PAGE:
The future of Iraq

August 31st, 2004 – 9:15 pm
Tagged as: Uncategorized

Paul Krugman, who is in my opinion the best columnist at the NYT, has a good idea about one way to deal with the future of Iraq:

Now, serious security analysts have begun to admit that the goal of a democratic, pro-American Iraq has receded out of reach. Anthony Cordesman of the Center for Strategic and International Studies – no peacenik – writes that “there is little prospect for peace and stability in Iraq before late 2005, if then.”

Mr. Cordesman still thinks (or thought a few weeks ago) that the odds of success in Iraq are “at least even,” but by success he means the creation of a government that “is almost certain to be more inclusive of Ba’ath, hard-line religious, and divisive ethnic/sectarian movements than the West would like.” And just in case, he urges the U.S. to prepare “a contingency plan for failure.”

Fred Kaplan of Slate is even more pessimistic. “This is a terribly grim thing to say,” he wrote recently, “but there might be no solution to the problem of Iraq” – no way to produce “a stable, secure, let alone democratic regime. And there’s no way we can just pull out without plunging the country, the region, and possibly beyond into still deeper disaster.” Deeper disaster? Yes: people who worried about Ramadi are now worrying about Pakistan.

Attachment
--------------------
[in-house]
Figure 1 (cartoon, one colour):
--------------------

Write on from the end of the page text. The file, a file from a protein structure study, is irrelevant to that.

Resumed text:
So what’s the answer? Here’s one thought: much of U.S. policy in Iraq – delaying elections, trying to come up with a formula that blocks simple majority rule, trying to install first Mr. Chalabi, then Mr. Allawi, as strongman – can be seen as a persistent effort to avoid giving Grand Ayatollah Ali al-Sistani his natural dominant role. But recent events in Najaf have demonstrated both the cleric’s awesome influence and the limits of American power. Isn’t it time to realize that we could do a lot worse than Mr. Sistani, and give him pretty much whatever he wants?

The fact that this is a reasonable idea pretty much means that the Bush adminstration won’t go anywhere near it, and there’s the added problem of the anti-Islam thing they keep pushing. Of course, al-Sistani might not want the job anyway, as, from what I understand, he’d rather be the power behind the throne.

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